The Hollow Crown: The Complete Series
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From executive producer Sam Mendes (Skyfall, American Beauty) comes a stunning adaptation of four of Shakespeare’s most celebrated history plays: Richard II, Henry IV (Part 1 and Part 2), and Henry V. Academy Award winner Jeremy Irons (The Borgias), Tom Hiddleston (The Avengers), and Ben Whishaw (Skyfall) in his award-winning role as Richard II star in this epic tale of three kings, their battle for survival, and the rise and fall of a dynasty.
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Perfect acting, incredible story, gorgeous costumes, beautiful cinematography. By far the best of the four, and mostly because of an electrifying performance by Ben Whishaw (Cloud Atlas, Skyfall). I asked myself why I hadn't seen Whishaw more often! His performance as Richard II is towering, electrifying, chameleon-like, moving, disturbing, delicate, multi-faceted, and most of all, brilliant. A phenomenal performance, and worthy of much praise indeed.
The supporting cast more than holds it's own: Patrick Stewart (always great, but sadly he leaves the narrative rather early), Clemence Poésy (a great, underrated French actress), David Suchet (reliable as ever), and Rory Kinnear (Who's Bolingbroke "bursts with valour and courage").
But let us give credit to where credit is due. Shakespeare...was one damn fine writer!
BEST SPEECH (delivered gloriously by Ben Whishaw):
For God's sake, let us sit upon the ground
And tell sad stories of the death of kings;
How some have been deposed; some slain in war,
Some haunted by the ghosts they have deposed;
Some poison'd by their wives: some sleeping kill'd;
All murder'd: for within the hollow crown
That rounds the mortal temples of a king
Keeps Death his court...
Henry IV Part 1 - 4 STARS.
Jeremy Irons is one of the finest Shakespearean actors to ever live. His Henry IV is a sharp contrast to Whishaw's Richard. Richard is pious, noble, weak-hearted, and entirely eligible to be king. Henry is strong, prepared, diligent, hard, and a usurper. And there you see the problem. Richard was the rightful king, yet he was not a good ruler. Henry was a traitor, banished by Richard, yet it was he should sit on the throne of England. It was not until Henry's son - Prince Hal, would sit on the throne of England as Henry V, that England would have a ruler that was both ready and legitimate.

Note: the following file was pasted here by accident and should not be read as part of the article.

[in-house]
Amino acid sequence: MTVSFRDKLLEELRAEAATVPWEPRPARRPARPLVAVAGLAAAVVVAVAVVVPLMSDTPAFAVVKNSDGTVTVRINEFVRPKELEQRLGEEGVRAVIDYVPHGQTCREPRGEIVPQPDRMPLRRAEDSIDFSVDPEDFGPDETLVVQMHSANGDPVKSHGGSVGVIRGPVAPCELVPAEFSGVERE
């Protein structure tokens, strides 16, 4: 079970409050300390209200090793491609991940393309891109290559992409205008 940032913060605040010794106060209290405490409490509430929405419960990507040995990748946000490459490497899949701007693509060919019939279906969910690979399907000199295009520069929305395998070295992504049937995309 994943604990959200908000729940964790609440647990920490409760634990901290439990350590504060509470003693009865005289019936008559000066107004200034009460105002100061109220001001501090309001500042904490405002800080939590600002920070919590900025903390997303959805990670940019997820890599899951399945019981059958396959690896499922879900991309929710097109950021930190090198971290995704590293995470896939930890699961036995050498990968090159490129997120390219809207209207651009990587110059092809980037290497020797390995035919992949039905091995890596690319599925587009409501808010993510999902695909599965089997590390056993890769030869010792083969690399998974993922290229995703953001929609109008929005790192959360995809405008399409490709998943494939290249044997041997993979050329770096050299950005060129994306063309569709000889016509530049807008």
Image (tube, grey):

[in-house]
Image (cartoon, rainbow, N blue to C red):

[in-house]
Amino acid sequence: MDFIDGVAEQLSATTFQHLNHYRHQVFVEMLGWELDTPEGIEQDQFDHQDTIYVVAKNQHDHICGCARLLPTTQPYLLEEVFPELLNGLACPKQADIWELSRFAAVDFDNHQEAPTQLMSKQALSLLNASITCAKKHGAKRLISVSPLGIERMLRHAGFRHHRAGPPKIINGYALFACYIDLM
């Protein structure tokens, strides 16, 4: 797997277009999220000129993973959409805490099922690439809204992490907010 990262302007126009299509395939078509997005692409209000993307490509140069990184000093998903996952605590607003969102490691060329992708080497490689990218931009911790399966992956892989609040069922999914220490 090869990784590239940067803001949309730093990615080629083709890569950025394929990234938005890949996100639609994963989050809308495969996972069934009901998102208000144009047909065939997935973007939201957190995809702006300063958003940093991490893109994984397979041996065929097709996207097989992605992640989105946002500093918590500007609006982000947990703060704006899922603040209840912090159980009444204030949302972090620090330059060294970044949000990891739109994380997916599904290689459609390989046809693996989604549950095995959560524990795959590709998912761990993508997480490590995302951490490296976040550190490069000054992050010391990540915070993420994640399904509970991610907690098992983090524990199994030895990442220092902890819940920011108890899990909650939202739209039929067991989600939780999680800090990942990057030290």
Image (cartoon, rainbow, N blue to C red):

And as Prof. Peter Saccio (a renowned Shakespearean scholar) points out, overthrowing a king (as in what Henry IV did to Richard II) proves to others that a king can be overthrown. So it is with great certainty that Irons's Henry proclaims: "Uneasy lies the head that wears the crown."
Henry IV, Part 1 has a great cast, led by Academy Award Winner Jeremy Irons.
In the supporting cast we see: Tom Hiddleston (Mentored by Kenneth Branagh, Tom is an excellent actor, as adept at playing Loki as playing Prince Hal), Simon Russell Beale (a most excellent Falstaff - perfectly capturing Sir John's mix of charisma and loathsomeness), Julie Walters, and Joe Armstrong (a fine, impulsive Hotspur). On the whole, the cast is as well chosen, experienced, and star-studded as you could expect from a BBC Two Production produced by Sam Mendes (Skyfall).
So far so good, Henry IV, Part 1 has a stellar cast, luscious costumes, a battle scene or two, a heroic speech here and there...What's not to like?
I'll tell you - the lack of Jeremy Irons.
Yes, the Oscar winning actor has a very small screen time - the majority of the play given to raunchy tavern scenes, and political intrigue in Scotland. I saw disappointingly little of Irons in this adaptation, but on the whole, I loved it!
Henry IV Part 2 - 3 STARS.
Ian McEwan (Game of Thrones) co-stars in this one. Sadly, I didn't find this one at all as interesting as the previous wins.
Henry V - 5 STARS.
In my opinion, Henry V is the greatest play in the Henriad, and one of Shakespeare's greatest ever history plays (other greats would include Richard II, III, and Julius Caesar). There is quite simply, something for everybody here. Whether you love action, romance, political intrigue, drama, or historical fiction, you will love Henry V.
Perhaps one of the greatest things about Henry V is that it gives the title actor room to shine. And there have been many great portrayals of the warrior king, over the years. In film, there have been only 3:
1. Laurence Olivier, who starred and directed in a very famous 1944 adaptation of Henry V (The Criterion Collection). This film was released during WWII, and depicts the English as strong, valiant, heroic soldiers, and the French as pompous, foolish, and decadent.
Everything about this film was meant to boost morale during the darkest time during English history.